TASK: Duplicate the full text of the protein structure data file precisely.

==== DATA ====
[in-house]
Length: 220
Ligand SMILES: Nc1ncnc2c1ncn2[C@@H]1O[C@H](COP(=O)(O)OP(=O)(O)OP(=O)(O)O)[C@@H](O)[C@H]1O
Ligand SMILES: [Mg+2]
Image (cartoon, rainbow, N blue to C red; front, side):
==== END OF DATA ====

[in-house]
Length: 220
Ligand SMILES: Nc1ncnc2c1ncn2[C@@H]1O[C@H](COP(=O)(O)OP(=O)(O)OP(=O)(O)O)[C@@H](O)[C@H]1O
Ligand SMILES: [Mg+2]
Image (cartoon, rainbow, N blue to C red; front, side):